Fire suppression tactics have resulted in drought-sensitive forests
Federally mandated fire suppression tactics have caused forests to become more drought and fire intolerant across the US.
Researchers from Oregon State University and Utah State University examined tree rings in Central Oregon to understand the impacts of fire suppression and increasing levels of atmospheric CO2 on tree growth, drought tolerance, and forest composition.
The study was published in the journal Global Change Biology, and the results present a clear picture of how dense forest growth due to fire suppression tactics has changed how trees photosynthesize and take in water.
Fire suppression also makes forests more susceptible to pests, disease, and wildfires, according to the researchers.
In 1910, wildfire suppression became a federal policy and as such young, fire and drought intolerant grand firs were allowed to flourish among ancient ponderosa pines in Central Oregon.
Not only did this increase fire risk because forests grew thicker, but the added competition for water over the past century forced trees to take in a heavier carbon isotope rather than the preferred lighter one.
The researchers collected and analyzed tree-ring data from 2,800 hectares of mixed-conifer forests to find physiological evidence that fire suppression negatively impacted tree growth over the years.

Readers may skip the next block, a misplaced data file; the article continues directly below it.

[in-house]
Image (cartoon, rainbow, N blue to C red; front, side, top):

Tree rings not only tell the age of a tree, but the color and chemical composition of each ring can also reveal what environmental and climate conditions were like during the year each ring was formed and what carbon isotopes the tree had to rely on for photosynthesis.
“We’ve known for a long time that fire suppression has led to crowded forests, which means more competition for resources,” said Andrew Merschel, a co-author of the study. “We’ve known that because of that, trees are more prone to drought, which makes sense – there’s less water reaching deep below ground and more trees pumping it out. Our research shows in a physiological way what’s happening. We thought there would be signals in the annual tree rings, and there are.”
Denser forests also mean less snowpack which is another major risk factor for drought and wildfires.
The researchers say that unless significant policy changes are implemented to decrease fire suppression and allow forests to go back to their natural, less dense states, drought, and wildfires will become more frequent.
“We cannot predict exactly how all of these factors affecting forests will interact in the future, but it is certain that lower-density forests will have more snow and less drought stress,” said Steven Voelker, the lead author of the study.